Two former Reading Police Department employees who are married to each other have sued the city and several supervisors, claiming age discrimination and harassment and retaliation for complaining about municipal government labor practices.
According to the complaint, Officer Randy Organtini was forced to retire from the city’s police force a year early after he had filed workplace grievances.
His wife, Karen Organtini, worked in the city’s PropertyBureau, part of the police department. She alleges she was denied a promotion in 2008 because she had complained about the city’s treatment of her husband. She claims a position for which she was qualified went to a younger woman with no experience. Organtini then quit her job, citing “unbearable working conditions.”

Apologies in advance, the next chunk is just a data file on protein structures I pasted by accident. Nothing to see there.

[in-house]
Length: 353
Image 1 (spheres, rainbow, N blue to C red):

The Organtinis originally asked the Pennsylvania Human Rights Commission (PHRC) to intervene. A PHRC fact finder advised the city to conduct anti-harassment training. The city initially promised to do so, but has since refused. Absent a settlement, the case will go to trial in federal court.
- When employee sues for discrimination, be prepared to show your processes are solid
- Stop lawsuits by double-teaming hiring process
- After decade in court, at least the lawyers can claim victory
- Carefully craft bona fide occupational qualification limits
- Should we change our policy to require that all harassment complaints be made in writing?